So with Bob on the sidelines ready to be a reactionary foil, it’s up to the remaining cast to carry the story and ring out whatever charm and charisma they can out of the situation…and they are in no way, shape or form up to the task. Just like in Kendo Crush, everyone is so perfectly cut from a cardboard anime cliché that they becoming annoying from the start: especially Shou who is still not funny. This leads to some truly banal conversations that exist only to keep the scenes moving forward without adding anything to the story or the characters. Without that, unless you are the type to become automatically invested in tsunderes, waifs or Generic Male Protagonists clichés, there is no one here to root for or invest any interest into except for the annoyance that comes from there overused tropes. And unfortunately for Ace Academy, this is the type of story that demands that the audience invest in the Cast.
Why? Well, how else do you expect us to be invested in mech fights PixelFade?
We’ll stick a pin in that train of thought because explaining that ties into my final point. That takes us to the second big issue with Ace Academy: the pacing. Now, I know that I can be verbose and it’s easy for my critiques to fly over people’s head. So, this time I’m going to speak right down to Earth in a language we can all understand. SLOW. THE. FUCK. DOWN. GOD. DAMN. IT.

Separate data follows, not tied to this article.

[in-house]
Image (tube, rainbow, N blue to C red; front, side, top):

This is a problem with EVNs as a whole, but here it is absolutely baffling. The first episode of Ace Academy takes just over two hours to complete: really closer to three. You know you have four more episodes coming and if they average two to three hours as well, you’re looking at ten hours minimum for the full game once it is complete. You have all of the time in the world to build up Bob’s character, flesh out the world they live in and give his relationships a proper start before even stepping foot in a mech. Yet, we start off on the evening Bob and Nikki arrive in Japan after recently burying their parents. The next day Bob starts at his new school. The day after that, he has to find a mech team to fight on. The day after that he has to start training for the ranking matches and then actually have the ranking matches. And finally with thirty minutes of game time left he does something outside of the school. All of this is sped through in the two hour running time at such a pace that you’d think that Bob had been living in Japan and going to Ace Academy for years.